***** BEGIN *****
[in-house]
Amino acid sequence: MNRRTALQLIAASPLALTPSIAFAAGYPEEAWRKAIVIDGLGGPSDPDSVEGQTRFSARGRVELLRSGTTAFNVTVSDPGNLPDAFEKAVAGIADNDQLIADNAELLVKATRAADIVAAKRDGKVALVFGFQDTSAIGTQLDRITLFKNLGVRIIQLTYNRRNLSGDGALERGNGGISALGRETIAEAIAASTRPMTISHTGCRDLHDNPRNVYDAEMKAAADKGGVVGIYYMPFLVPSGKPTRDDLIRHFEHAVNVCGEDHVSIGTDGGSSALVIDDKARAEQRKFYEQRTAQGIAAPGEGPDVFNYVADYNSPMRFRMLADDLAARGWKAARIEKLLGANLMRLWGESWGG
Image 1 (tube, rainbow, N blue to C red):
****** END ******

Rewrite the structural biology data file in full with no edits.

[in-house]
Amino acid sequence: MNRRTALQLIAASPLALTPSIAFAAGYPEEAWRKAIVIDGLGGPSDPDSVEGQTRFSARGRVELLRSGTTAFNVTVSDPGNLPDAFEKAVAGIADNDQLIADNAELLVKATRAADIVAAKRDGKVALVFGFQDTSAIGTQLDRITLFKNLGVRIIQLTYNRRNLSGDGALERGNGGISALGRETIAEAIAASTRPMTISHTGCRDLHDNPRNVYDAEMKAAADKGGVVGIYYMPFLVPSGKPTRDDLIRHFEHAVNVCGEDHVSIGTDGGSSALVIDDKARAEQRKFYEQRTAQGIAAPGEGPDVFNYVADYNSPMRFRMLADDLAARGWKAARIEKLLGANLMRLWGESWGG
Image 1 (tube, rainbow, N blue to C red):